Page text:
There are many ancient records of shamans and sorcerers who danced, for example performing the rain dance at time of drought. The rain dance platform is mentioned in many ancient texts including the Analects of Confucius. Ancient Chinese texts such the Rites of Zhou record dances of the early period; the most important of the Zhou dynasty dances are the six dances termed the "Great Dances" that were performed to venerate Heaven, gods, ancestors or legendary figures. These six dances formed part of the system of court music and dance first established during the Western Zhou dynasty known as Yayue. Music and dance were considered integral parts of a whole, each dance would have a piece of music associated with it; these six dances were said to have originated from the time of six historical or legendary figures: Yunmen Dajuan, from the Yellow Emperor era, performed for the veneration of the sky. Daxian, from the Emperor Yao era, for the veneration of the earth. Daqing, from the Emperor Shun era, for the veneration of Gods of the Four Directions, or the sun, moon and seas.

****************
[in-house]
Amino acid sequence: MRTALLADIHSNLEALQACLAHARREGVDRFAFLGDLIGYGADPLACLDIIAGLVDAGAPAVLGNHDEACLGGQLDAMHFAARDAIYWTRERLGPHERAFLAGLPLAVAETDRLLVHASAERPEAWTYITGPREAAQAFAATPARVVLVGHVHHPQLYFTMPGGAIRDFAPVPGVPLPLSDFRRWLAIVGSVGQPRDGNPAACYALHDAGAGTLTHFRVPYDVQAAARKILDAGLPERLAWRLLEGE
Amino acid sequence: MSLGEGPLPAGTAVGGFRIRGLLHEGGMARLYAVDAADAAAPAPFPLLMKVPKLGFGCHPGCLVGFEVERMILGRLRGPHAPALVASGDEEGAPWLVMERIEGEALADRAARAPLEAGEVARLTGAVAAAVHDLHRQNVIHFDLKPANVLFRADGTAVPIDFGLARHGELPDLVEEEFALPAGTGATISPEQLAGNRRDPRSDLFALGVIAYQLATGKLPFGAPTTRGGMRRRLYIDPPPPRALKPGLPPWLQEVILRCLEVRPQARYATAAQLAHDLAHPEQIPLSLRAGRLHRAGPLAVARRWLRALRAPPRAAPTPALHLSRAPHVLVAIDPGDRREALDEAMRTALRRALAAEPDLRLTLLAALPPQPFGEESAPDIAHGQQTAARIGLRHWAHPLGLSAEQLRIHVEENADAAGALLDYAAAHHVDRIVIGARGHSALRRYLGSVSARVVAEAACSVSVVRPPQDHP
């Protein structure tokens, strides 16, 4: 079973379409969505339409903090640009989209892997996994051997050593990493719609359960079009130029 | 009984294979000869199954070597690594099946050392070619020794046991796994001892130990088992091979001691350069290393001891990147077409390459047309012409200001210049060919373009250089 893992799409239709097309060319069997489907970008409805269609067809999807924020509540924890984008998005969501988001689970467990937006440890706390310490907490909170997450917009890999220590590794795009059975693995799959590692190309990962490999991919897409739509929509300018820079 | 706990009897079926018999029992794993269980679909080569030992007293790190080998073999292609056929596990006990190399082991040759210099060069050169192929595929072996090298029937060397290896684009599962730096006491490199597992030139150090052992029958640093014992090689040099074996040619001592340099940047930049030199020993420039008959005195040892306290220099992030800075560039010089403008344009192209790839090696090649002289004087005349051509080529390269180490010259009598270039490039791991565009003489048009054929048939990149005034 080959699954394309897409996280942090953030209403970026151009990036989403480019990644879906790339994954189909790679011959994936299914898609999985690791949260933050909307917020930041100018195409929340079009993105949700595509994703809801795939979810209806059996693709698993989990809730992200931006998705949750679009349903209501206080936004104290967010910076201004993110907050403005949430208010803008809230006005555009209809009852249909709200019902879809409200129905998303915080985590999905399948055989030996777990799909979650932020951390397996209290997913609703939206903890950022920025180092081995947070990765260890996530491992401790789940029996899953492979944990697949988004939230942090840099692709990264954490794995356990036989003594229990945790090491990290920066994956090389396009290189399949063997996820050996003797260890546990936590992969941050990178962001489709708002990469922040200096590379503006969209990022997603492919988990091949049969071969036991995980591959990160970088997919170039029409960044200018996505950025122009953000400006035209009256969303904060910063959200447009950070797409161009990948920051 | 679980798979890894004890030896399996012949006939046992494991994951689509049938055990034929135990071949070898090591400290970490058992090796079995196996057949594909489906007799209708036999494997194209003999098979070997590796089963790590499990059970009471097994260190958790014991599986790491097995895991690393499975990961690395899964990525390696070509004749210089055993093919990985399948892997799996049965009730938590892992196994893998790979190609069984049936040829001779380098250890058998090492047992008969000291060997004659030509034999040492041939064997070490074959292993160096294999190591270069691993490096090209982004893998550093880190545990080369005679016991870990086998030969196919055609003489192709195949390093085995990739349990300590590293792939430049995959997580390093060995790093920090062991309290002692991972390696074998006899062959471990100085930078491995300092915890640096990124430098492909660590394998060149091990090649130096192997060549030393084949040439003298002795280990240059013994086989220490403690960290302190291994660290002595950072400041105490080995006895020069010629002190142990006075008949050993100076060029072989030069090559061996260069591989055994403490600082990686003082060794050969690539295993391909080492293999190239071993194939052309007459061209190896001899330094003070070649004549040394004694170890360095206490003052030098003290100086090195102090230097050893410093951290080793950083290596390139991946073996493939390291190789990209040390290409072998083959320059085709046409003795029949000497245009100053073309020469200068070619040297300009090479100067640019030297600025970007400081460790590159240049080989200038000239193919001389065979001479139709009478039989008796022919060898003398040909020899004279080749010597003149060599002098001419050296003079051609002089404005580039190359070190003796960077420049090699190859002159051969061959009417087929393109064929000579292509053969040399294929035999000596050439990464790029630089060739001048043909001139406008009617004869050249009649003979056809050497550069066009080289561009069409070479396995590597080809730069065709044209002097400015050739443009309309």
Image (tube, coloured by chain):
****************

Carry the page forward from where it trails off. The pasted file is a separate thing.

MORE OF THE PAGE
Daxia, in honour of Yu the Great, for the veneration of mountain and rivers. Dahu, from Tang of Shang dating to the end of the Xia Dynasty, for the veneration of female ancestors. Dawu, in praise of King Wu of Zhou, used for ancestral worship. Dashao was a dance said to date from the time of Emperor Shun, the dancers may have dressed up as birds and beasts. One of the earliest documents, mentioned the ritual of "beating on the stones as all the wild animals dance"; the performance of the dance was regarded by Confucius. Daxia was a dance performed in praise of Yu the Great of the Xia dynasty, famous for his work on flood control. In this dance, 64 performers danced bare-chested wearing fur caps and white skirts; the movements of the dance may imitate the manual labour performed during flood control. These formal dances were divided into two types and military. In a Civil Dance, dancers held item such as feather banners in their hand, Military Dance involved brandishing of weapons. Dawu was an important dance in six parts describing the military exploits of King Wu of Zhou, may involve martial elements such as the use of weapons.